When my husband and I were dating, we only saw each other on the weekends. We met at a summer job, but aside from the one month we overlapped there, we never actually lived in the same place until we got married. We started dating a few months after the summer job ended, me finishing up college and him starting a teaching job. Because we couldn’t spend a lot of time together, the time we got was particularly special.
Each weekend, one of us would hop on the train and come for a visit, and one particular Friday evening I told him that when the train crossed from Indiana into Illinois and then eventually into Chicago, he needed to get off near the John Hancock building on Michigan Avenue rather than continuing out to the suburb where I lived. A friend had connected me to a catering gig for her company’s Christmas party, and I thought it would be a fun way for my boyfriend and me to make some money and share an unusual experience.
While I was a student, I occasionally worked for the catering service at my college because they hired students to help with special events like alumni dinners. I enjoyed the dance of serving partygoers, making sure they had what they needed while also trying to remain invisible to them. I learned to fill a coffee cup from the side of the customer’s dominant hand, in order not to reach through their personal space for the cup and inadvertently make my armpit hover in front of their nose while I topped off their coffee.
I loved making things run smoothly, where it seemed as if everything was appearing and disappearing naturally and without any real effort. Ironically as a mother of five now, I’d like the occasional, “Thanks for all your hard work, Mom!” But for some reason my kids prefer my rose-colored catering perspective of enjoying being magically served and magically cleaned up after.
But I digress…
The thing about catering the Christmas party together is that it didn’t sound very exciting to most people. “Oh, your boyfriend is visiting for the weekend? Got any big plans?”
“Oh yes,” I would say excitedly. “We’ll be serving people cake and coffee for awhile on a Friday night.”
But with the two of us, anything can be fun. We often catch each other’s eye even now, married for eighteen years, with a sly smile or perhaps stifling laughter, because even in the most mundane circumstances, we find a way to have fun together.
And we had fun on that night twenty years ago. We served food and fancy drinks, dressed up like penguins—not a literal penguin costume, but that classic catering outfit of black pants, white shirt, and a black apron. My friend whose company was having the party took a photo of my boyfriend and me during the event. It’s a dark shot, blurry lights twinkling around us as we leaned in for a quick photo between serving appetizers and desserts. I didn’t think much of the picture until I showed it to my mom a few weeks later, and she said offhandedly, “Look at the way your face shines when you’re with him. It’s nice to see you so happy.”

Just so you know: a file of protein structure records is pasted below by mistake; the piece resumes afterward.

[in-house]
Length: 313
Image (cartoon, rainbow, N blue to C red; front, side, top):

Restore us, O God; let your face shine, that we may be saved. –Psalm 80:3
Three times in Psalm 80, in a variety of difficult circumstances, the author begs the Lord for relief, for peace, for salvation. And even though we cannot see God’s literal face, the figure of speech “let your face shine” means what my mom said about that sweet photograph. It means that when a face shines, there is blessing, there is happiness, and there is connection.
It’s hard to pin down exactly what a shining face looks like. You need not rub oil on your cheeks to make them shine in this way; even those with the driest skin can emit that inviting joyful glow. You need not be pregnant, though if you are, you will likely get comments about that pregnancy glow because of the increased bloodflow to your skin’s surface that happens during pregnancy. You need not run a race and cross the finish line, red-faced and relieved that it’s over, smiling at your loved ones who are there to meet you. Your face might be flushed when you exercise, but that doesn’t mean that it shines in a Biblical way.
No, the shining face of Psalm 80 comes from the blessing that priests gave to the Israelites in the book of Numbers, a blessing that God told Moses to impart to his people. It is still spoken in Judeo-Christian houses of worship every week:
The Lord bless you and keep you; the Lord make his face shine on you and be gracious to you; the Lord turn his face toward you and give you peace. –Numbers 6:24-26
God does not have a physical face of flesh and cheeks and crow’s feet under sparkling eyes. But a shining face is so closely associated with joy and with relational harmony that the Old Testament authors use that image many times as a mark of divine blessing. May our faces shine as we connect with each other, mend broken relationships, and bless others with our joyful anticipation of the coming of Christ this Advent season.